Ng et al noted a reduced need for mechanical ventilation and improved outcomes in a series of patients who underwent prone positioning for 1 hour at a time, 5 times a day spaced 3 hours apart. Caputo et al studied early safe proning with up to 120 minutes as tolerated in 50 awake non-intubated patients with refractory hypoxemia (median oxygen saturation of 84%) and noted an immediate increase in median oxygen saturation with only one-third of patients requiring intubation.

Due to limited data on its efficacy, there is not a set amount of time that has been proven to be optimal for awake proning, with each study employing slightly different protocols largely dependent on patient tolerance. For example, some protocols call for patients to rotate positions every 2 hours, starting with left lateral recumbent, right lateral recumbent, sitting upright 60 to 90 degrees, and lastly, lying prone in bed. Others have suggested at least 2 separate 3-hour sessions of proning per day. Based on the existing data and our anecdotal experience, we recommend sessions of 2 to 3 hours for at least a total 4 to 5 hours a day as tolerated.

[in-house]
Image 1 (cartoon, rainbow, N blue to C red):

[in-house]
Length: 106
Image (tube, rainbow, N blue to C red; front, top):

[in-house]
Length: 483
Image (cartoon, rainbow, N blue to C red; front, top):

Thus several studies have suggested a potential benefit of proning awake patients with COVID-19 infection, but these studies are small and limited in their scope. Despite the low-risk and low-cost nature of proning awake patients, there are still logistical concerns that may prevent adequate proning, the most significant of which is patient comfort and compliance.

Read the full article.

TAGS: Ventilators